Workplaces as professional learning communities
What characteristics and behaviours define a Professional Learning Community? Some include:
- High levels of relational trust
High levels of relational trust connect teachers. Teachers believe colleagues are benevolent and will not harm them. Admitting developmental areas within their practice will not leave the teacher vulnerable; neither will the provision of honest feedback to another teacher or leader.
- Truth and honesty
Teachers are honest with themselves and each other. Honest conversations with students’ best interests lying at the core of professional conversations are the norm, not conversations driven by teachers’ best interests (e.g. being seen by colleagues to be nice).
- Responsibility of care
Interactions are based on responsibility of care and minimising harm to others. By encouraging honest and potentially critical feedback on their practice teachers can provide guarantees and assurances they are caring for their students’ best educational interests and not harming them.
- Honouring peoples’ rights
Peoples’ rights are honoured and protected. Students have the right to be exposed to teachers who are learners; teachers who continually strive to grow and improve their practice. Families have the right to know their children’s teachers are driven by a sense of honouring the basic right to having not an education, but a first class education.
- Power is shared and not abused
Educators hold positions of power. It means teachers do not operate out of self- interest. They don’t contrive lesson observations within their appraisal, they don’t hold grudges against colleagues because they don’t like the honest critique that person provided on their practice and they can be honest with others without fearing they could be alienated. The greater good to school and others outweighs what is best for self.
When teachers think and act in these ways the following become embedded within the broader school culture:
- Responsiveness to change is positive; people adapt to change;
- Teachers are motivated to question and innovate and encourage each other to do so;
- Intelligent failure is valued; mistakes are seen as part of learning and evidence of stretching oneself;
- Preventable failure becomes minimised;
- Risk taking and demonstrating initiative usurps playing it safe and being dependent on others;
- Knowledge is shared openly and willingly;
- Teachers commit to continuous professional learning.
When teachers demonstrate these traits they communicate their preparedness to be learners; they are wired for learning. They are less likely to see themselves as experts, or knowers, and are able and willing to change. These teachers embrace teaching as inquiry; they don’t just do it but they do it exceedingly well. Their teaching practice visibly changes over time because their learning has been deep, prompting them to reframe beliefs and assumptions, and it has an impact on student outcomes.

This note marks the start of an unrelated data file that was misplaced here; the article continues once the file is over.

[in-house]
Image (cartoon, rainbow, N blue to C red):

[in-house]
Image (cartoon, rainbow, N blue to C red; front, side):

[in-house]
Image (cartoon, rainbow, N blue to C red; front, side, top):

In our experience working with teachers the reality is that there will be pockets within a school where some of these things are happening but to say it happens systemically across a school might be pushing the truth a little.
When we outline these characteristics to educators, informing them that these are the critical success indicators we are looking for in the future when we work with them, we are often met with looks of astonishment, disbelief and occasionally muted laughter. Why? One reason is because many teachers are less wired for learning. They comply with teaching as inquiry, often seeing it as an extra, and whilst they may do it, what they do may have little impact on teaching practice or student outcomes. It becomes a box ticking process for these teachers.
We believe there is a deeper, fundamental reason as to why many of these teachers occupy positions in schools. It’s not that they don’t want to learn, it’s that they don’t feel safe being a learner. That’s not just our view but it’s also the view of research from the field of organisational psychology.
The Appraisal Connector™, because it requires teachers to demonstrate specific behaviours and practices around their learning, allows leaders to quickly make inroads in their pursuit of raising levels of psychological safety so that teachers are freed to engage in the risky business of learning.